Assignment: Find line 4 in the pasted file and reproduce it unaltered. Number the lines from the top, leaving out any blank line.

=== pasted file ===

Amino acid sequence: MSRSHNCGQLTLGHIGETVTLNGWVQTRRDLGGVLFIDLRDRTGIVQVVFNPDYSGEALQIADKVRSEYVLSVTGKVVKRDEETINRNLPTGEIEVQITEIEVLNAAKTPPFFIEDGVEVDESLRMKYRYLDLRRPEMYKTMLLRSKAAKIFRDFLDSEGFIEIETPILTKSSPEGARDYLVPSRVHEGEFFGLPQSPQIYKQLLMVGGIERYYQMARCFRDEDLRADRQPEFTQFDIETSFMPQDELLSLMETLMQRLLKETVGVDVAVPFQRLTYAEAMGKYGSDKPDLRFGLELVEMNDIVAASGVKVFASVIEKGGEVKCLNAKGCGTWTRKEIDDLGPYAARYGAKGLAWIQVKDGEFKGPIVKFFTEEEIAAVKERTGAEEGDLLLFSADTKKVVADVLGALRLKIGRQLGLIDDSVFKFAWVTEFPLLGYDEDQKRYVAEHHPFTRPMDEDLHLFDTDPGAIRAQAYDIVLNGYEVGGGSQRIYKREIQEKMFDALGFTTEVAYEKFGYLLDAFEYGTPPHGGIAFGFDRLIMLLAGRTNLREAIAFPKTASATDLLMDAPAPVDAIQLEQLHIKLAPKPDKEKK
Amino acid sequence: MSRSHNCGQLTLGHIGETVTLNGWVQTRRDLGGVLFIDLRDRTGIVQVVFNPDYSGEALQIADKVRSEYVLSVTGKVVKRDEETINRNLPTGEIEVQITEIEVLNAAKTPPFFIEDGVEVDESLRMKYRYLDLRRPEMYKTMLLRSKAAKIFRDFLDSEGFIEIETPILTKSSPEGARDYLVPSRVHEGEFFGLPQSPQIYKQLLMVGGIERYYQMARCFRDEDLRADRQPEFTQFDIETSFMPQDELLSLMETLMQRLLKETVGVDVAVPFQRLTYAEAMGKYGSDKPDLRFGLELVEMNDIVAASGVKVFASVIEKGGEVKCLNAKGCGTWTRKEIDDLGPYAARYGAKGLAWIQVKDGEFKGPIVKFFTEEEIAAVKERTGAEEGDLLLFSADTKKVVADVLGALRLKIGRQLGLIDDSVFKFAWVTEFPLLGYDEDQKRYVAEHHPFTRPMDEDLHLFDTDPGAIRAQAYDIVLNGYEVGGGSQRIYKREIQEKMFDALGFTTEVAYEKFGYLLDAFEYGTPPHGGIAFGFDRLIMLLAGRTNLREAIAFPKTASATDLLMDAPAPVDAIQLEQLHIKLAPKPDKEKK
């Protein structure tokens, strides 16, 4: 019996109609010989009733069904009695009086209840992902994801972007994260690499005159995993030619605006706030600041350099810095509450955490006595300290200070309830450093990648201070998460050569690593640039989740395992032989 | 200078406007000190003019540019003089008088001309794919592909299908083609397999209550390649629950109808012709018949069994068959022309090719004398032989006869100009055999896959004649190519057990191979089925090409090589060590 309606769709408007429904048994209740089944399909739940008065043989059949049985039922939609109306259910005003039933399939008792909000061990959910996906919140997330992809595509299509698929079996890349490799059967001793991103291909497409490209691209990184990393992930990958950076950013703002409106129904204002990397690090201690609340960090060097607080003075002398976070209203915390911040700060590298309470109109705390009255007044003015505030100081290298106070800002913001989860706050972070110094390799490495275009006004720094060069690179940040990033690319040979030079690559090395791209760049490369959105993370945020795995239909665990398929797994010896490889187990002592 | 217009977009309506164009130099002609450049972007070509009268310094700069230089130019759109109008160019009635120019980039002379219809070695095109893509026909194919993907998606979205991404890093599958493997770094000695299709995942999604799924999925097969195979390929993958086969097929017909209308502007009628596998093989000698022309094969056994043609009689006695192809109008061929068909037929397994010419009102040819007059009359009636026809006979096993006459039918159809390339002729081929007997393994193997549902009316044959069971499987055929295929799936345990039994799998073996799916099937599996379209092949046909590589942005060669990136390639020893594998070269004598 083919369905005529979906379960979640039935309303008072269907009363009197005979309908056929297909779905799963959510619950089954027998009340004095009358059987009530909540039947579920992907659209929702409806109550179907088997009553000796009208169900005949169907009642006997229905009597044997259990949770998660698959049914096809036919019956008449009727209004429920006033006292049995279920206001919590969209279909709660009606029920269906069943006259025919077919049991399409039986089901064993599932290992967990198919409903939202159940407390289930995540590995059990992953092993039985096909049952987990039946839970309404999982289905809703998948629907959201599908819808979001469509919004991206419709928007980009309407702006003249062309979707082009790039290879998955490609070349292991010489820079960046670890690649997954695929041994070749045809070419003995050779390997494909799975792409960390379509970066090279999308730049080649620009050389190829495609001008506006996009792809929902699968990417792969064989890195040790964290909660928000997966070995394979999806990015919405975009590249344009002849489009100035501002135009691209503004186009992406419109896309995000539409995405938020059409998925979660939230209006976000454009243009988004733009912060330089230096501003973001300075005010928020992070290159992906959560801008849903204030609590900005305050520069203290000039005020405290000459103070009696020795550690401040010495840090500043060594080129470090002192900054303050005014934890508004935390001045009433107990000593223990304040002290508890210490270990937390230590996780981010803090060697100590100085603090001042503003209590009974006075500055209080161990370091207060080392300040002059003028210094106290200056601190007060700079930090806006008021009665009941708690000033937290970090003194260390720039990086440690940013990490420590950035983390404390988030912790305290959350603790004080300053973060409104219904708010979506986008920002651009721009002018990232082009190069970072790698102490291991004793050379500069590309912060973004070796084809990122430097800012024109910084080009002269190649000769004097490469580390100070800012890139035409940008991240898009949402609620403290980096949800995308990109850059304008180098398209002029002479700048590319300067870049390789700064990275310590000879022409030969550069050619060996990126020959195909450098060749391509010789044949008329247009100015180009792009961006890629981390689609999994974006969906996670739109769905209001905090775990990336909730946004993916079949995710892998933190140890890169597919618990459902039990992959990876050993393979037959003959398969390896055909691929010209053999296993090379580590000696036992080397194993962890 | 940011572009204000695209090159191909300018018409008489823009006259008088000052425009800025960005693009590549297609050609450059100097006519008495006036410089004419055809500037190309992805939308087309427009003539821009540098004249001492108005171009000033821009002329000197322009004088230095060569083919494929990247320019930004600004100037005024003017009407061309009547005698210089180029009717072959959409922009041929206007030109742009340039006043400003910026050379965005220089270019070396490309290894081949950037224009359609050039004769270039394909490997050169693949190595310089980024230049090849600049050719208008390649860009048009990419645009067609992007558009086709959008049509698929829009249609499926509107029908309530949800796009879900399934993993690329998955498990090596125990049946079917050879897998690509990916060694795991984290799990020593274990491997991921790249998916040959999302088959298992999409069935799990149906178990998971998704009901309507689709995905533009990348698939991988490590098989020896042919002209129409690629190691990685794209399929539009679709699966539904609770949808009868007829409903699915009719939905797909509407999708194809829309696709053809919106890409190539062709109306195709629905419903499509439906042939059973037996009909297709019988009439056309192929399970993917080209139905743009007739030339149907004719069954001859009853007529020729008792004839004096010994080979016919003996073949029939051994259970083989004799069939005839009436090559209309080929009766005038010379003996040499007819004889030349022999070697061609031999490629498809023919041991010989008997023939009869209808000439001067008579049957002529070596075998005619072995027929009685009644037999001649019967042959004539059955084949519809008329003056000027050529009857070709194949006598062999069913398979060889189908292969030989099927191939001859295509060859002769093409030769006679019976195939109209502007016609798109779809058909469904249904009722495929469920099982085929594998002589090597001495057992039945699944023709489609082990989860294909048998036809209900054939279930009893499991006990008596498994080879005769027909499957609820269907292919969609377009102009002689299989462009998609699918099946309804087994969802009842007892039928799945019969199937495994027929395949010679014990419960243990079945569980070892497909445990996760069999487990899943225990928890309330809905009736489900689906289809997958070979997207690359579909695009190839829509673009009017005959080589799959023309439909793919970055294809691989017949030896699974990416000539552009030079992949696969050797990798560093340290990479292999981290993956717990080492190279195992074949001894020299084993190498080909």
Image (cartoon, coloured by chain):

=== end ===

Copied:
Image (cartoon, coloured by chain):